What are you thankful for? What parts of writing make you grateful that you love to write?

This blog is reprinted from my monthly Shell’s Ink Newsletter, where I provide, fun, useful and inspiring tips about writing and editing. Sign up here. or at http://shellsinkservices.us15.list-manage.com/subscribe?u=16ad8aefe047fb117d01164c2&id=098e54aecf
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Finding Work-Life Balance with Writing

In Writing, Writing Advice, Writing Inspiration, Writing Motivation on November 5, 2017 at 6:00 pm

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Balancing writing with the rest of life is important to avoid too much time in front of the computer and to gather experiences for even more writing.

I don’t like sitting, and I don’t like being in front of a computer—at least for long periods of time.

But I used to not even think about my tools of writing. They were just there for me to use—and replace every so often when they got old and nonfunctional.

I write for a living, and I write for fun with the goal to make the writing I want to do—writing novels—full time. It’s a lot of writing, as a result, but I try to balance it with daily exercise—running and lifting weights—and doing social things.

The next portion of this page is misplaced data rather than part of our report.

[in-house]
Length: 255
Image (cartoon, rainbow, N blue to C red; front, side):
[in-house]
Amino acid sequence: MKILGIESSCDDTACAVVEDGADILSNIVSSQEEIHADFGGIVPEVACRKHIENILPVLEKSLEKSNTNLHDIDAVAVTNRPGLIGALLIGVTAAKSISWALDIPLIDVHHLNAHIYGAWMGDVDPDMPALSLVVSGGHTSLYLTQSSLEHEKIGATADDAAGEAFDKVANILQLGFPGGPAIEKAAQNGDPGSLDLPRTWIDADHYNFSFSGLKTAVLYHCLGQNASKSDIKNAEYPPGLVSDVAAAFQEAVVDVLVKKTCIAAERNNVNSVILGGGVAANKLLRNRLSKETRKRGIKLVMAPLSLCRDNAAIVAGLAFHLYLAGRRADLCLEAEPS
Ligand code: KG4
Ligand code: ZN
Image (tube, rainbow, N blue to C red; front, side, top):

Balance, how do you achieve it when you work life and dream life both involve computers?

Finding the Work-Life Balance:

  • First of all, make sure you read.
  • Set aside certain times for writing, but don’t guilt yourself if you don’t write.
  • Vary where you write, such as at home, a park, a restaurant or a coffee shop and find something stimulating in that environment to think about or absorb—such as the grinding of the coffee beans or the way the air feels as time shifts from high noon into the afternoon.
  • Take breaks every few minutes to stretch, or take a mini-walk for a mind refresher.
  • Make sure you have free time to do whatever you want that gives you a break from the routine, particularly if it doesn’t involve writing.
  • Try writing in a notebook if computers are your normal tool, or vice versa. The switch may cause you to see and write differently—handwriting slows you down, while typing causes you to lose the pen-hand connection and get lost in the writer’s world.
  • Find a new interest or hobby, or even forge a new friendship, to learn something new or see things from a new perspective.